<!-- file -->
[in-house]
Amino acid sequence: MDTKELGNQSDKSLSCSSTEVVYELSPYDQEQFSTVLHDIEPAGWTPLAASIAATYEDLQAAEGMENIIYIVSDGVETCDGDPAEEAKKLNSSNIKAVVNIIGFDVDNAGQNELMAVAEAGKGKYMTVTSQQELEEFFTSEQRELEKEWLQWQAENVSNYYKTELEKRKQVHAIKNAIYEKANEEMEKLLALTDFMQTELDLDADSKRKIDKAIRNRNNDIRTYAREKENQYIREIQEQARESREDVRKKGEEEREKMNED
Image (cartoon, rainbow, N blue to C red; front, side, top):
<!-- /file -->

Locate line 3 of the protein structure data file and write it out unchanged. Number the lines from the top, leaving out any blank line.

Image (cartoon, rainbow, N blue to C red; front, side, top):